I prefer yours. I'm assuming that you would go on to end it to produce something something like:
I believe that the question of why people choose to enter this type of competition is an interesting one.
And I'd be equally happy with an "as to" form, such as:
I believe that the question as to why people choose to enter this type of competition is an interesting one.
I suspect the reason I prefer those over your friend's is that I'm vaguely uneasy with the fact that the text implies that it contains a portion that is a question when in fact that is not strictly true.
Consider: the overall form is as follows:
I believe that [SOMETHING] is an interesting question
where [SOMETHING] represents the text fragment, 'why people choose to enter this type of competition'. The problem is, that text fragment is not a question. Contrast your friend's offering with the following:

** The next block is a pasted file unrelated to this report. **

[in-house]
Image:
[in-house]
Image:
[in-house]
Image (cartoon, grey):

I believe that, "Why do people enter this type of competition?" is an interesting question.
In that case, the text fragment actually is a question, and so my unease is resolved. However, the resolution is done inelegantly, by brute force of typography. Yours is more subtle, which is why I'd go that route myself.
All that said, I don't think your friend is strictly wrong. I'm not a language examiner, but I'd be surprised if they were to lose marks for their form.